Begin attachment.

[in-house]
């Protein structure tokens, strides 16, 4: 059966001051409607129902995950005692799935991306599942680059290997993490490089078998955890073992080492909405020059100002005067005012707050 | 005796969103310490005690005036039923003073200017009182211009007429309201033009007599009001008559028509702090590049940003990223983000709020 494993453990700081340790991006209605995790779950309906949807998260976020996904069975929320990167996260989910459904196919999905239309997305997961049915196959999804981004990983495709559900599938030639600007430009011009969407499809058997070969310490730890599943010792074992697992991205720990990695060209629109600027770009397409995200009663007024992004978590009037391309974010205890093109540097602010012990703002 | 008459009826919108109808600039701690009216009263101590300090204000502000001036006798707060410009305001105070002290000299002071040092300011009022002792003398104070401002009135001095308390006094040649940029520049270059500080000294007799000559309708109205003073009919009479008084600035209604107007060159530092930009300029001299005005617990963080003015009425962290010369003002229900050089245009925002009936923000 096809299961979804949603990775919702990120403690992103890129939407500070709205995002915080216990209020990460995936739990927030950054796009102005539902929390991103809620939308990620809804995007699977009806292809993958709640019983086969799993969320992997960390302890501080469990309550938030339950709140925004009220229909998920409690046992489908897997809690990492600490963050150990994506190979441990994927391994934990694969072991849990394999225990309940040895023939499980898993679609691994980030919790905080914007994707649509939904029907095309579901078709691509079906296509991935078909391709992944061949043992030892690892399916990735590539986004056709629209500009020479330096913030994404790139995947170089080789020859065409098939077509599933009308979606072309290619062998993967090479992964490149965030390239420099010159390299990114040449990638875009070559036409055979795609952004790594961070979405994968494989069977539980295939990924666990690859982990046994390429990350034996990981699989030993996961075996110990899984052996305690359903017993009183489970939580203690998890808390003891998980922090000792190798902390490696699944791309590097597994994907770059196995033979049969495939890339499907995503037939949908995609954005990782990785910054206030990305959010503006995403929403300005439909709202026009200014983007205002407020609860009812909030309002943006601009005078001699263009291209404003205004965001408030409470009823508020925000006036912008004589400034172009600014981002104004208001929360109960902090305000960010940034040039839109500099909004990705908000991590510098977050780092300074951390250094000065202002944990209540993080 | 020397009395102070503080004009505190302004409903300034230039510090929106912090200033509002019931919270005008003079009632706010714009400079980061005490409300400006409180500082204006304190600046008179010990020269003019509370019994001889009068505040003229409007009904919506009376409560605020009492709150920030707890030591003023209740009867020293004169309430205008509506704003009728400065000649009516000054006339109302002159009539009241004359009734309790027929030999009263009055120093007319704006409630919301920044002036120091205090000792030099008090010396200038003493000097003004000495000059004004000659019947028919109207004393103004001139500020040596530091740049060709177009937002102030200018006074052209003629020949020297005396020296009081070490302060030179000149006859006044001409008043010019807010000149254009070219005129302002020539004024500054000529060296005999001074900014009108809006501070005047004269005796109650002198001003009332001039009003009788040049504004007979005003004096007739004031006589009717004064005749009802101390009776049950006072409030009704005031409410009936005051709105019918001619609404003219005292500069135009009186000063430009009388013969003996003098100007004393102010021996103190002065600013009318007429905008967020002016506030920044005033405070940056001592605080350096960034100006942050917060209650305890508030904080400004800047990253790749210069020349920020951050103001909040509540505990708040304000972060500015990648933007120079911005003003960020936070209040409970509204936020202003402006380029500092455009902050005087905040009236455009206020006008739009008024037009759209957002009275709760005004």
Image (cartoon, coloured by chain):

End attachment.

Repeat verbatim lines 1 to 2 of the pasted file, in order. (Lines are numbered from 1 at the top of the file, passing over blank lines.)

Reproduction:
[in-house]
């Protein structure tokens, strides 16, 4: 059966001051409607129902995950005692799935991306599942680059290997993490490089078998955890073992080492909405020059100002005067005012707050 | 005796969103310490005690005036039923003073200017009182211009007429309201033009007599009001008559028509702090590049940003990223983000709020 494993453990700081340790991006209605995790779950309906949807998260976020996904069975929320990167996260989910459904196919999905239309997305997961049915196959999804981004990983495709559900599938030639600007430009011009969407499809058997070969310490730890599943010792074992697992991205720990990695060209629109600027770009397409995200009663007024992004978590009037391309974010205890093109540097602010012990703002 | 008459009826919108109808600039701690009216009263101590300090204000502000001036006798707060410009305001105070002290000299002071040092300011009022002792003398104070401002009135001095308390006094040649940029520049270059500080000294007799000559309708109205003073009919009479008084600035209604107007060159530092930009300029001299005005617990963080003015009425962290010369003002229900050089245009925002009936923000 096809299961979804949603990775919702990120403690992103890129939407500070709205995002915080216990209020990460995936739990927030950054796009102005539902929390991103809620939308990620809804995007699977009806292809993958709640019983086969799993969320992997960390302890501080469990309550938030339950709140925004009220229909998920409690046992489908897997809690990492600490963050150990994506190979441990994927391994934990694969072991849990394999225990309940040895023939499980898993679609691994980030919790905080914007994707649509939904029907095309579901078709691509079906296509991935078909391709992944061949043992030892690892399916990735590539986004056709629209500009020479330096913030994404790139995947170089080789020859065409098939077509599933009308979606072309290619062998993967090479992964490149965030390239420099010159390299990114040449990638875009070559036409055979795609952004790594961070979405994968494989069977539980295939990924666990690859982990046994390429990350034996990981699989030993996961075996110990899984052996305690359903017993009183489970939580203690998890808390003891998980922090000792190798902390490696699944791309590097597994994907770059196995033979049969495939890339499907995503037939949908995609954005990782990785910054206030990305959010503006995403929403300005439909709202026009200014983007205002407020609860009812909030309002943006601009005078001699263009291209404003205004965001408030409470009823508020925000006036912008004589400034172009600014981002104004208001929360109960902090305000960010940034040039839109500099909004990705908000991590510098977050780092300074951390250094000065202002944990209540993080 | 020397009395102070503080004009505190302004409903300034230039510090929106912090200033509002019931919270005008003079009632706010714009400079980061005490409300400006409180500082204006304190600046008179010990020269003019509370019994001889009068505040003229409007009904919506009376409560605020009492709150920030707890030591003023209740009867020293004169309430205008509506704003009728400065000649009516000054006339109302002159009539009241004359009734309790027929030999009263009055120093007319704006409630919301920044002036120091205090000792030099008090010396200038003493000097003004000495000059004004000659019947028919109207004393103004001139500020040596530091740049060709177009937002102030200018006074052209003629020949020297005396020296009081070490302060030179000149006859006044001409008043010019807010000149254009070219005129302002020539004024500054000529060296005999001074900014009108809006501070005047004269005796109650002198001003009332001039009003009788040049504004007979005003004096007739004031006589009717004064005749009802101390009776049950006072409030009704005031409410009936005051709105019918001619609404003219005292500069135009009186000063430009009388013969003996003098100007004393102010021996103190002065600013009318007429905008967020002016506030920044005033405070940056001592605080350096960034100006942050917060209650305890508030904080400004800047990253790749210069020349920020951050103001909040509540505990708040304000972060500015990648933007120079911005003003960020936070209040409970509204936020202003402006380029500092455009902050005087905040009236455009206020006008739009008024037009759209957002009275709760005004």